Estudiantes Internacionales Estudiantes Internacionales en la Universidad de Palermo Reuniones informativas MyUP
Universidad de Palermo - Buenos Aires, Argentina

Facultad de Diseño y Comunicación Inscripción Solicitud de información

  1. Diseño y Comunicación >
  2. Publicaciones DC >
  3. Cuadernos del Centro de Estudios en Diseño y Comunicación Nº 53 >
  4. Building best practices for fashion design pedagogy: meaning, preparation, and impact

Building best practices for fashion design pedagogy: meaning, preparation, and impact

Faerm, Steven

Cuadernos del Centro de Estudios en Diseño y Comunicación Nº 53

Cuadernos del Centro de Estudios en Diseño y Comunicación Nº 53

ISSN Impresión 1668-0227
ISSN Online: 1853-3523

Interpretando el pensamiento de diseño del siglo XXI

Año XVI, Julio 2015, Buenos Aires, Argentina | 290 páginas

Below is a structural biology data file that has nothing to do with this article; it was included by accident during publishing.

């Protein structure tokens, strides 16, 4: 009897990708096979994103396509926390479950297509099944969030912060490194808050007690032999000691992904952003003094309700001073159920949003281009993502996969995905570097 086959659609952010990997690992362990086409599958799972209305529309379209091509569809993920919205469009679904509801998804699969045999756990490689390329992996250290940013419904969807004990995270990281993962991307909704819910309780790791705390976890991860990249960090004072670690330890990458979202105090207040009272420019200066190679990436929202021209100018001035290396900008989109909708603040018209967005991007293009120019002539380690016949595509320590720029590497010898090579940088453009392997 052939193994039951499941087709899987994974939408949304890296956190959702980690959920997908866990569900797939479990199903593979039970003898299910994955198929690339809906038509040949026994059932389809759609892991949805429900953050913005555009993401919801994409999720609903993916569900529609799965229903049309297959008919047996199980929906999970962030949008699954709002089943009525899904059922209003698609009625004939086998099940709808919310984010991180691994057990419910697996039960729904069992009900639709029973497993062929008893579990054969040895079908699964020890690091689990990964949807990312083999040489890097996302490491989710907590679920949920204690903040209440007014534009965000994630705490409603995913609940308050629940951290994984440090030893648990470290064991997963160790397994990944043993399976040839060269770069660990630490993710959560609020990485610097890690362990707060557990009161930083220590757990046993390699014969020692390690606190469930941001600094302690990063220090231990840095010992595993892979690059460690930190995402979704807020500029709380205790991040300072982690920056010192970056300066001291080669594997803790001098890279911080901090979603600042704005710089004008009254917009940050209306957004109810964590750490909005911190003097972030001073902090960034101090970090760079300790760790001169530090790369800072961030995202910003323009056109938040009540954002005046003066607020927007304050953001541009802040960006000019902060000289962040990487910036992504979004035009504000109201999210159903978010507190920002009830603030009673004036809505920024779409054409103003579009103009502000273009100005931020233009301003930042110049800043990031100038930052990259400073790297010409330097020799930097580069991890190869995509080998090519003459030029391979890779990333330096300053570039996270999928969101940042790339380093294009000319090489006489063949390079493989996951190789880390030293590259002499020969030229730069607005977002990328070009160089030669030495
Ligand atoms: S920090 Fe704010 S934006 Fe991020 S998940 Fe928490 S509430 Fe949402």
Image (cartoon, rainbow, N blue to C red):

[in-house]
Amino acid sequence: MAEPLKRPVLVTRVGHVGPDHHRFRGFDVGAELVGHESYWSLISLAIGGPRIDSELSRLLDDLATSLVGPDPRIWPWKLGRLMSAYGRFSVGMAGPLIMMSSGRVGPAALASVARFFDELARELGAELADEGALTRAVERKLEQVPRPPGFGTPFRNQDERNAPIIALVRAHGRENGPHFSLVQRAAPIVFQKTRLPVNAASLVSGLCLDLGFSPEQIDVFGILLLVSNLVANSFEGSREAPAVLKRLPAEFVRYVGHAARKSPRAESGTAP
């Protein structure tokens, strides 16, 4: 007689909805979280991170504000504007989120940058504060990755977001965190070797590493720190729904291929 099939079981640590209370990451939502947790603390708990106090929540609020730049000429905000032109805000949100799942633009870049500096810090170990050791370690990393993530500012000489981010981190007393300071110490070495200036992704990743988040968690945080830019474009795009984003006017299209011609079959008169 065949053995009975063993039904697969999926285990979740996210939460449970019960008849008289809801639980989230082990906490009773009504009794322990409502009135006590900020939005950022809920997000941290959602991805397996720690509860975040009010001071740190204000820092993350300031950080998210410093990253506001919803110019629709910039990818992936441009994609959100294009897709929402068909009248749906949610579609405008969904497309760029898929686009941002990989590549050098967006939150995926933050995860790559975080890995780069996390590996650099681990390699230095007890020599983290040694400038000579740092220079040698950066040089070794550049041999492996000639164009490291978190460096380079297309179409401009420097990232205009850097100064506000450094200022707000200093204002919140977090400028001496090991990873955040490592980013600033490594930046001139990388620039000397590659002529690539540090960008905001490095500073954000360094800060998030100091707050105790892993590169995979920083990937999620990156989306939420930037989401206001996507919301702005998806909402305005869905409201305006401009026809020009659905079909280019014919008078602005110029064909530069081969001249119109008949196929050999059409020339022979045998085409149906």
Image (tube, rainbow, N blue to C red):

descargar PDF ver índice de la publicación

Ver todos los libros de la publicación

compartir en Facebook

Licencia Creative Commons Esta obra está bajo una Licencia Creative Commons Atribución-NoComercial-CompartirIgual 4.0 Internacional


Historically, universities have adopted a “sink or swim” approach with their hiring of fashion design faculty. After years of professional experience, these new faculty enter classrooms without pedagogical training and are expected to succeed as educators. However, designing apparel and educating students require significantly different skill-sets. The faculty’s challenges are increased due to the seismic shifts occurring in American fashion design education, the rapidly evolving student generation, and the increasingly volatile professional world for which students must be trained. The lack of faculty’s pedagogical preparation negatively impacts the program, graduates’ academic preparation, and ultimately the fashion design professional practice and industry.